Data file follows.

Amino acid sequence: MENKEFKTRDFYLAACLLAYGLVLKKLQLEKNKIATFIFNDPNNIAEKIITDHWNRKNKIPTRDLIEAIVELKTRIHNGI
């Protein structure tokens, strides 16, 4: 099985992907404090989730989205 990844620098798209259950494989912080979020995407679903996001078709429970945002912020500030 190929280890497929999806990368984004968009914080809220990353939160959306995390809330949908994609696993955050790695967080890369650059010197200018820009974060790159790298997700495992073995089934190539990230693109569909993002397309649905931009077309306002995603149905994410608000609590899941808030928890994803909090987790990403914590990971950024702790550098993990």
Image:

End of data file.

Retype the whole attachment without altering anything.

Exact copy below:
Amino acid sequence: MENKEFKTRDFYLAACLLAYGLVLKKLQLEKNKIATFIFNDPNNIAEKIITDHWNRKNKIPTRDLIEAIVELKTRIHNGI
């Protein structure tokens, strides 16, 4: 099985992907404090989730989205 990844620098798209259950494989912080979020995407679903996001078709429970945002912020500030 190929280890497929999806990368984004968009914080809220990353939160959306995390809330949908994609696993955050790695967080890369650059010197200018820009974060790159790298997700495992073995089934190539990230693109569909993002397309649905931009077309306002995603149905994410608000609590899941808030928890994803909090987790990403914590990971950024702790550098993990």
Image: